Crime, Law and Social Change

, Volume 59, Issue 5, pp 517–535 | Cite as

Progressive lawyers under siege: Moral panic during the McCarthy era

  • Colin WarkEmail author
  • John F. Galliher


Our goal is to analyze the culture within the San Francisco law firm of Gladstein, Andersen and Leonard (circa 1945–1965). For this we utilize archival documents, FBI files, oral histories, and personal interviews. The law firm represented alleged subversives, including Harry Bridges the longtime president of the International Longshore and Warehouse Union. Thus, the law firm partners were stigmatized by the clients they represented and they all had lengthy FBI files. The partners all had working class backgrounds, one was an immigrant and two were Jewish. Clearly, religion and ethnicity were not litmus tests for participation in the firm, nor was educational pedigree. Gladstein and Leonard graduated from elite law schools while Andersen did his legal training at a night school. During the dark days of the Cold War various partners were threatened, shot and jailed for merely engaging in their legal practice. Ironically, as the FBI blacklisted alleged subversives, these attorneys had more clients to defend.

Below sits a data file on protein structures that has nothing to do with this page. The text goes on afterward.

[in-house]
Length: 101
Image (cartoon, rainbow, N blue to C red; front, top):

Communist Party Attorney General Moral Panic Legal Practice Defense Counsel 
These keywords were added by machine and not by the authors. This process is experimental and the keywords may be updated as the learning algorithm improves.


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Copyright information

© Springer Science+Business Media Dordrecht 2013

Authors and Affiliations

  1. 1.Department of Psychology and SociologyTexas A&M University-KingsvilleKingsvilleUSA
  2. 2.University of MissouriColumbiaUSA

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